Correctness: I did not identify any technical issues, although I did not read the theoretical analysis in great detail.

Clarity: Plots are way too small to be readable. This is part of a greater problem--there is too much content that is compressed into the 8 page limit. For example, the derivation of the optimal shrinkage coefficient lambda can probably be moved to the supplementary. Figure 1 could probably be moved also, and Section 2.3 could be moved while simply stating the computational benefit.

Relation to Prior Work: I am not very familiar with the prior work on graph sampling for higher-order network structures, but the references seem to be plentiful. Some more references to uses of James-Stein shrinkage in other settings like covariance or affinity matrix estimation (Ledoit & Wolf, 2003; Schäfer & Strimmer, 2005; Chen et al., 2010; Xu et al., 2014) in addition to ref. [9] in the paper could be useful to readers as it may not be a well-known concept to much of the NeurIPS audience. Ledoit, O., & Wolf, M. (2003). Improved estimation of the covariance matrix of stock returns with an application to portfolio selection. Journal of Empirical Finance, 10(5), 603-621. Schäfer, J., & Strimmer, K. (2005). A shrinkage approach to large-scale covariance matrix estimation and implications for functional genomics. Statistical Applications in Genetics and Molecular Biology, 4(1). Chen, Y., Wiesel, A., Eldar, Y. C., & Hero, A. O. (2010). Shrinkage algorithms for MMSE covariance estimation. IEEE Transactions on Signal Processing, 58(10), 5016-5029. Xu, K. S., Kliger, M., & Hero III, A. O. (2014). Adaptive evolutionary clustering. Data Mining and Knowledge Discovery, 28(2), 304-336.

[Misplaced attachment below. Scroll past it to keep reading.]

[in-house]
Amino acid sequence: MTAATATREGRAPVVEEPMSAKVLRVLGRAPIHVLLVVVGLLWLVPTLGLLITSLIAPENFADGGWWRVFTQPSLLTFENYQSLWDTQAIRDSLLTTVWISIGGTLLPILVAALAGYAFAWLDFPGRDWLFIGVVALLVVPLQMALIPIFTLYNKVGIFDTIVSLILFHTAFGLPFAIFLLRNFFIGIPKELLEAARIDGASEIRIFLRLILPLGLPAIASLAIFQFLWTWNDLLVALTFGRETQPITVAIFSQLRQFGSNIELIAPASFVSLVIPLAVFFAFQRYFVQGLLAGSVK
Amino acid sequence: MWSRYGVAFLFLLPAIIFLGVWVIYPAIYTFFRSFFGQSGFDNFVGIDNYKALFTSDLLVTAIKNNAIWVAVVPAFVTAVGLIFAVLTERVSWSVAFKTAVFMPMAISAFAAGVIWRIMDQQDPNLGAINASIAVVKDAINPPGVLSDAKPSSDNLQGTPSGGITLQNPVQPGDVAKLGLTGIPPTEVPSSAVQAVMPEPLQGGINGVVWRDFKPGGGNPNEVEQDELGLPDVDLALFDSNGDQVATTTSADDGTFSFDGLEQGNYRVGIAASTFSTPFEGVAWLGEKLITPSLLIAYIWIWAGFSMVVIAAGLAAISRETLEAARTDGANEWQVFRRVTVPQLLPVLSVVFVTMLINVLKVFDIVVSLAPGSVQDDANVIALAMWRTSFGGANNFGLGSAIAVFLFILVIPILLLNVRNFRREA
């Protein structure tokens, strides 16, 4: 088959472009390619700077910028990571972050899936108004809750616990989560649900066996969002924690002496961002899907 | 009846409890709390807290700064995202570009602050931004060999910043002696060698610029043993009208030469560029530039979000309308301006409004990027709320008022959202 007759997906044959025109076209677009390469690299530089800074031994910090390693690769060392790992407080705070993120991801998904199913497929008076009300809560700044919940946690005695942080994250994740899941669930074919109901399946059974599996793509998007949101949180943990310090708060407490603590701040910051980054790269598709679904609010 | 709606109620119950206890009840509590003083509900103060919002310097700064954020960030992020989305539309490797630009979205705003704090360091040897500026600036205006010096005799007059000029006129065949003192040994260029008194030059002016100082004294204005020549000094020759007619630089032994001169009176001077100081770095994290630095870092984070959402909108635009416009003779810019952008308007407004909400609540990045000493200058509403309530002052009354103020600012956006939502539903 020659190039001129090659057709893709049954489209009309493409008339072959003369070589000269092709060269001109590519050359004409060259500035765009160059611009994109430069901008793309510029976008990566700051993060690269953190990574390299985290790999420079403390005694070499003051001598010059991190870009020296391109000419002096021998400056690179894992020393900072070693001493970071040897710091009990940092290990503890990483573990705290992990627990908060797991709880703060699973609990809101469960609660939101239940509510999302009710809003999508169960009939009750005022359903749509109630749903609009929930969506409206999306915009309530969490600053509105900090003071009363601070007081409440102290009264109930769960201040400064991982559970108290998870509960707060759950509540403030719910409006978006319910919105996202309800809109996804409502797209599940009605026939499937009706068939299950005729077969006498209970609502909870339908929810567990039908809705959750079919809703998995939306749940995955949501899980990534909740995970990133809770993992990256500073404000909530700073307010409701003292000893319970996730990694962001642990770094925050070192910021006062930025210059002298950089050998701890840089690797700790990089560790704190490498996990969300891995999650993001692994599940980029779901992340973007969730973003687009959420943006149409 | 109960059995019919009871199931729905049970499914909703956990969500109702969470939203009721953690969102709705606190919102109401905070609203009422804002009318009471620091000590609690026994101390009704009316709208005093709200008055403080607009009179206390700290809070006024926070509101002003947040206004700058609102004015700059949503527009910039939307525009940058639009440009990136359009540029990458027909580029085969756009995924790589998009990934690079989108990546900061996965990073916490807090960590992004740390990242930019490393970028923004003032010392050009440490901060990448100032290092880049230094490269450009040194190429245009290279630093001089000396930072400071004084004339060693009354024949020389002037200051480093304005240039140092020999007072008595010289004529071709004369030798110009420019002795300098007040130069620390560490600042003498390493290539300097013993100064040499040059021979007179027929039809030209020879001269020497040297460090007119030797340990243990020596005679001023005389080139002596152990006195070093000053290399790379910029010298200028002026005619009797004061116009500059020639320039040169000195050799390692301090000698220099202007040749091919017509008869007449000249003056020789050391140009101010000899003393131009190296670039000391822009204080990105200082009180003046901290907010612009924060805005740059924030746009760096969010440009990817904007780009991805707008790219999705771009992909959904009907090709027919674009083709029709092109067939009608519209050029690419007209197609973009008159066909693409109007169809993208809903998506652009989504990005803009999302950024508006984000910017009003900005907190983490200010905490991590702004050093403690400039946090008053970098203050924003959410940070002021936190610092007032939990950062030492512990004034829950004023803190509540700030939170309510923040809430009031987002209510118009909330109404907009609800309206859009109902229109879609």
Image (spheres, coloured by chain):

Reproducibility: Yes

Additional Feedback: Line 105: (2) how to an unbiased estimate: missing a verb between to and an Line 166: P_{J,t} it computed: it -> is Figures being referred to in the supplementary appear to be off by 1, e.g. the main body text refers to Figure 6 when it should be Figure 7 and Figure 9 when it should be Figure 10. The authors' statement of broader impact is about impact to research, not broader impact to society. Edit after author response: I increased my score slightly in response to the additional results shown in the author response. There are still several weaknesses in the paper, primarily the clarity and presentation, but I find it to be a good contribution overall.

Review 3

Summary and Contributions: The authors propose an algorithm that estimates the number of motifs (say triangles) adjacent to each edge. The algorithm is based on maintaining a sample of edges and using the number of triangles incident to each edge within the sample for an estimator for the true number. The sample is a weighted version of priority sampling.

Strengths: The authors ran their algorithm on a large number of data sets. The main idea may have merit.